Mild For March Now But Snow Could Be Coming
So Long 60s But Still Above Average
After four straight days with highs in the 60s we will fall back into the 50s for highs today with just 40s along the lakefront. 45° is the average high for this time of the year so we will still be around 5° to nearly 10° above average. March has gotten off to a rather mild start with temperatures now running 9° above average overall. 9 out of 11 days this month have been above average so far.
Highs today should reach into the lower to middle 50s but cooler along the lakeshore with middle 40s there and a light breeze off the lake.
The unusually mild March air that was responsible for record or near record temperatures earlier this week has shifted to the east. Several locations from the eastern Great Lakes to New England and as far south as Virginia saw record warm temperatures on Thursday.
Wind Brings Waves & Keeps Us Cool
We will have a light breeze off the lake today and tomorrow with the wind strengthening Sunday into Monday. That wind could whip up fairly big waves late Sunday into early Monday that might produce at least some minor lakeshore flooding, especially along Lake County's shoreline in Illinois and Wisconsin's southern lakeshore.
Whenever that wind blows off the lake this time of the year it tends to keep us cooler at the lakeshore compared to areas further inland. Lake Michigan's water in the southern part of the lake is now a chilly 36° to 39°.
Falling Back Below Average
We'll fall from the 50s to 40s for highs by Sunday with just 30s expected on Monday. Gusty winds on Sunday will make it feel like the 30s and wind chills by Monday will drop into the 20s for most of the day.
Snow Still In Question
The GFS model has been going back and forth with the possibility for snowfall early next week. The latest GFS model's meteogram shows a wintry mix turning to rain on Sunday. Earlier runs of the model suggested this would be mainly snow. The slow moving system that gives us the chance for snow next week is still a few days away and this type of system is notoriously hard to forecast this far out. In other words, stay tuned.
The models giveth and taketh away. The latest GFS model snowfall accumulation forecast Wednesday morning now scoots all the snow up to our north. Most of that snow would fall later Monday into Tuesday.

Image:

The European model has changed places with the GFS model. Yesterday the Euro was keeping the snow to our north but now it has a swath of snow forecast across northern and central Illinois. Most of this would fall later Monday into Tuesday. So again there is no model consensus and for now, low confidence in the snowfall forecast for early next week.
The models are in agreement that a major snowstorm will pound portions of Colorado and Wyoming. Snow will begin there today and this slow moving system could dump on them all the way into early next week. Models are suggesting snowfall will be measured in feet in some areas.
Milder By The End Of March
The long range temperature probability forecasts flip us from a cooler than average pattern to a milder than average pattern. The latest 6-10 day temperature probability forecast has us outlooked for below average temperatures overall from March 17th through March 21st. We are on the low end of the probabilities though. The longer range 8-14 day has us favored for above average temperatures overall from March 19th through March 25th. We are again on the low end of probabilities so the signals aren't very strong.
The even longer range Subseasonal Experiment (SubX) forecast brings a milder end to March. The temperature anomaly forecast for the weekend ending March 26th has us outlooked to be around average for the week. The forecast that looks at the end of March and the start of April has us returning to above average temperatures overall for the week ending on April 2nd.
The longer range precipitation probability forecasts have us generally drying out towards the end of the month. The latest 6-10 day forecast has us outlooked for below average temperatures overall from March 17th through March 21st. The longer range 8-14 day forecast has northern Illinois outlooked for below average average precipitation overall from March 19th through March 25th. The risk for spring flooding is above average for many area rivers. More on that below.
The Climate Prediction Center's seasonal forecast for spring suggests a mild and moist pattern overall here. The temperature probability forecast for the months of March, April and May have us outlooked for above average temperatures overall. The precipitation probability forecast for the same period has us outlooked for above average precipitation overall.
Spring Flood Risk Forecast
The National Weather Service considers many risk factors for spring flooding. They include snow cover, soil moisture, and current river conditions.
"A significant snow cover with high water content can increase the chances of flooding once warmer weather melts the snow. Elevated soil moisture conditions reduce the amount of rainfall that is soaked up by the ground and increase the amount of water that then runs off into area streams. Above average river levels reduce the river rise required to reach flood stage, while below average river levels would require an increased amount of river rise to reach flood stage."
Their latest forecast suggests the flood risk is above average for many of our area rivers. The Des Plaines and Fox rivers in particular need to be watched closely.
Here is my 7 day forecast:
Today: Partly to mostly sunny (cloud build late) High: 54 (45 lakefront)
Saturday: Partly to mostly sunny Low: 30 High: 55 (cooler near the lake)
Sunday: Mostly cloudy, becoming windy Low: 36 High: 47 (cooler near the lake)
Monday: Cloudy, chance of rain and snow Low: 32 High: 39
Tuesday: Partly to mostly cloudy Low: 32 High: 46
Wednesday: Partly to mostly sunny Low: 32 High: 48
Thursday: Partly to mostly sunny Low: 31 High: 45